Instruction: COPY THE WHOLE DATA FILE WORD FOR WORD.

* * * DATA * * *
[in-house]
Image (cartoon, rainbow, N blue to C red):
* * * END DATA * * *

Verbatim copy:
[in-house]
Image (cartoon, rainbow, N blue to C red):